If you’re spotted under normal circumstances in Far Cry 4, you have a range of options to deal with the chaos. Number one is running away entirely, number two is relocating and approaching from a completely different position, number three is finding a vehicle that tips the balance of the fight. Those options aren’t just nice to have, they’re essential because enemies have been designed with the player’s powerful toolset in mind. In the campaign meanwhile, you’ll be railroaded into a narrow mountain pass. There’ll be a high road and a low road, but no vehicles, no option to run away, no ability to wingsuit off the mountain. Death means restarting from a too-distant checkpoint and there is no mid-mission save, while being spotted means you’re immediately exposed to every guard in the entire region, some of whom have mounted machineguns, some of whom are snipers, some of whom have rocket launchers.
The result is a game in which you stealth your way by six enemies, get spotted – sometimes because the enemies have been made artificially more powerful in ways not communicated – and then find yourself almost immediately blown up, knocked to the ground, and shot to death.
On other missions, like an airfield defense, your reward for stealthily completing a section is a subsequent section where you’re forced to engage in all-out combat. Did you come kitted out in your favourite stealth gear? Then you better loot a body for a rattly machinegun fast, because now you need to play Call of Duty for a bit, dealing simultaneously with mortar fire, heavy-turret trucks, a dozen enemies or, worst of all, lame set-pieces where your wingsuit needs to be used to fly a fixed canyon route or a snowmobile must be used to jump a bridge. These moments feel pathetic and miserable next to an open world that habitually and authentically presents the same situations in ways you can control.
Do these alternately frustrating and boring missions harm Far Cry 4’s greater strengths? Unfortunately, yes. Your geographic progression is linked to these story missions, and if you want to unlock the northern half of Kyrat – with its second batch of dynamic, emergent fun – then you need to play through more than two-thirds of the dreadful missions and dull plot. It’s nice that skills, like all those knife takedowns, are now only tied to side missions, but it’s time for the series to finally put the pretense of linearity away and embrace an open world where you can ignore the main plotline entirely. Make me an anonymous prisoner in a foreign and strange land; I won’t complain that it’s derivative.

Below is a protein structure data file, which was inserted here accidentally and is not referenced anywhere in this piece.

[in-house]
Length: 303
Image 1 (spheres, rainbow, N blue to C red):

In almost every other way, Far Cry 4 is almost too eager to make sure you’re having fun. You’ll find that gyrocopter within a couple of hours of play, and the game is perfectly happy for you to use it as I did, as an easy shortcut for reaching the top of radio towers, taking down camps and fortresses, and for speeding between every mission. I found the wingsuit – locked until after the halfway point in Far Cry 3 – on a bench about three hours in to Far Cry 4. It’s up to you how much you want to use these powers, and I still prefer the feeling of off-road driving across the world than flying or fast travelling, but crafting at least is made almost worthless by the urgency with which it makes you powerful. While in Far Cry 3 I went hunting animals specifically in order to craft that bigger bag and be able to carry more things, here I never felt the need. I often run out of money, but I don’t need money anymore except for ammo. I often run out of space for loot, but I don’t need space for loot except to have items to sell – which I don’t need to do because I don’t need money, and so on.
Far Cry is a series still struggling with that balance, between offering you the freedom to do what you want while enforcing the limitations to make what you want meaningful. I think it’s also only a game away from needing a gritty, Bond-style reboot back to its Far Cry 2 roots.
But the faults aren’t what matters to me. Look beyond the campaign and Far Cry 4 is a razzle dazzle mainstream take on game design defined by being systemic, player-driven, always first-person, and with no fail states bar death. Looking Glass would be proud, and now that I’ve unlocked all its pleasures, the final thing reflected in Far Cry 4’s funhouse mirror is my dumb, grinning face.